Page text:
Written on May, 01, 2020 by in ,

Vascular endothelium is a thin monolayer of cells that constitute the lining of blood vessels and organs (1-3). A hallmark of many diseases (e.g., cancer, diabetes mellitus, viral infections, etc) is highlighted in the dysfunctional states of the vascular endothelium. Vascular endothelial cells line the entire circulatory system — heart, large blood vessels, and small capillaries (1). And the cells form the barrier between blood and organ tissues (3). 

Notable functions of the vascular endothelium:

1) Controls and regulates vascular relaxation and constriction;

2) Regulates homeostasis of solutes, fluid, macromolecules, hormones, platelets, and blood cells;

3) Directs “foreign materials” to inflammatory cell types;

4) Regulates blood fluidity;

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Written on Apr, 27, 2020 by in ,

Cytokine Storms is a complex multicellular inflammatory phenomenon. It is a biological consequence of cytokine overproduction in the human body; it is associated with a variety of infectious and noninfectious diseases. In the most severe cases, it is fatal to the patients.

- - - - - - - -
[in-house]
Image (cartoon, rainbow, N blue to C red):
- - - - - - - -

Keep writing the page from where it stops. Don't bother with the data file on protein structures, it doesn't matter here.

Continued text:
What is Cytokine Storm?

The word “Cytokine” is derived from Greek words, cell (for cyto) and movement (for kinos or kinin).

“Cytokine Storm” is an overreaction of the human body’s immune system and it can be fatal to the patient. This overreaction is a severe immune reaction where too many pro-inflammatory cytokines are released into the blood in an uncontrolled manner (2).

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Written on Apr, 16, 2020 by in ,

At the beginning of the COVID-19 series (here), we mentioned that we will cover COVID-19’s effects on human kidney cells. In our previous post, we focused on lung cells. In this post, we will focus on COVID-19’s attacks on the kidney. This topic was triggered by a recent study that focused on 26 patients’ autopsies (1).

Many patients with kidney diseases are at higher risks for infections. For example, patients on dialysis can have weaker immune systems; patients with kidney transplants have taken immunosuppressive medications. Since the COVID-19 outbreak, clinicians have also become aware of the damaging effects on the kidney (2). According to an article from the Washington Post recently: “almost half the people hospitalized because of COVID-19 have blood or protein in their urine, indicating early damage to their kidneys” (5). Furthermore, early hospital data showed that 14-30% of ICU patients showed kidney dysfunction; some required dialysis or kidney replacement therapy (5).

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